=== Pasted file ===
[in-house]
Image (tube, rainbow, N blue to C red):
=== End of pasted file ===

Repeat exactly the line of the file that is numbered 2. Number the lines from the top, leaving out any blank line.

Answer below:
Image (tube, rainbow, N blue to C red):